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Giant Cell Arteritis

Overview of Giant Cell Arteritis

Giant cell arteritis causes inflammation of the lining of your arteries. The most commonly affected area is the head, especially points near temples. Individuals aged above 50 are more likely to suffer from this disorder

A person suffering from giant cell arteritis is likely to have severe frequent headaches, a tender scalp, jaw pain, and eyesight issues. In more complex and severe cases, it can also cause blindness.

This condition is treated through corticosteroid medications. This helps in relieving inflammation and tenderness and also helps in retaining vision. As soon as you feel the symptoms kicking in, you must consult your general physician.

Signs and Symptoms of Giant Cell Arteritis

The most common symptom of giant cell arteritis is severe and frequent headaches and scalp tenderness. This headache can affect both temples and the pain can worsen, subside, or become a dull throbbing pain with time.

Some other symptoms which you need to be aware of are: 

  • Jaw pain – sharp jaw pain or inability to open your mouth wide or when you try to chew something
  • Fever
  • Fatigue
  • Unintended weight loss
  • Scalp tenderness  - combing hair can also induce sharp pain in the scalp 
  • Consistent and severe headaches and especially in your temple areas
  • Vision loss – double vision or permanent loss of vision in one eye especially for those who have jaw pain also.
  • Pain and stiffness in the neck
  • Pain in shoulders and hips

The pain and stiffness in the neck and shoulders are common symptoms of polymyalgia rheumatica. This condition is closely associated with giant cell arteritis. 50% of people suffering from giant cell arteritis have polymyalgia rheumatica as well.

Types of Giant Cell Arteritis

Causes of Giant Cell Arteritis

Till now, no definite reason for this disorder has been found. Although age is one of the strongest risk factors. The abnormal attacks by the immune system on the artery walls are likely the cause of this condition.

As a result of the attack, the lining of arteries becomes inflamed and swollen. This swelling causes a blockage in the flow of blood to our body’s tissues.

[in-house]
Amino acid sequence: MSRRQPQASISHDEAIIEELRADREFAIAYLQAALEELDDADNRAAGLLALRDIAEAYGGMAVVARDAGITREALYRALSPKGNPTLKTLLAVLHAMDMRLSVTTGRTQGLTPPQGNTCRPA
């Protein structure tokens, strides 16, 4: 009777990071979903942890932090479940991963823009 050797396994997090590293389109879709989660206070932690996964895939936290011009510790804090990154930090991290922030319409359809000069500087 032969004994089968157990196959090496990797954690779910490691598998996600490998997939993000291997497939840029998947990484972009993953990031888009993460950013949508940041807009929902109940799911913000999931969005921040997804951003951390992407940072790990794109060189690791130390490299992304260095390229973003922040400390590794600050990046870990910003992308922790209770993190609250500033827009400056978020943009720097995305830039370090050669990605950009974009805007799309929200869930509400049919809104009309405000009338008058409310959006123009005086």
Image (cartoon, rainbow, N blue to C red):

Risk Factors of Giant Cell Arteritis

Some possible risk factors of Giant Cell Arteritis are:

Age – age is strongly associated with the incidence of this condition. Almost all the time, individuals aged 50 and above are affected by this. Individuals aged between 70 -80 years of age are more likely to get affected.

Gender – females are two times more likely to get more affected by this condition.

Demographics – this condition is more common among the white European population.

Underlying Conditions – underlying conditions like polymyalgia rheumatica make you more vulnerable to this disorder.

Family History – family history of giant cell arteritis can put you at greater risk of acquiring it.

Complications of Giant Cell Arteritis:

Untreated giant cell arteritis can lead to many serious complications. These complications can include:

Blindness – vision-related issues due to this condition can lead to permanent vision loss in one or both eyes.

Aortic aneurysm – this is basically a bulge that forms in a weakened blood vessel. Blockage in this vessel can cause it to burst which can lead to life-threatening conditions caused by internal bleeding.

A rare complication of Giant Cell Arteritis is stroke.





Treatment of Giant Cell Arteritis | When to Consult a Doctor

This condition should be treated as soon as possible because of its complications. Usually, the treatment begins by first having a temporal artery biopsy. Upon the confirmation of the disease, high doses of corticosteroids are prescribed.

Self-treatment and self-diagnosis cannot cure this disease and can cause more complexities. So, immediately consult a certified rheumatologist if you feel you have symptoms of this disorder.